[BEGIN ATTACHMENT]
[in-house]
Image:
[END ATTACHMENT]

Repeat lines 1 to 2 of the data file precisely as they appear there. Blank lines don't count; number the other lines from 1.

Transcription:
[in-house]
Image: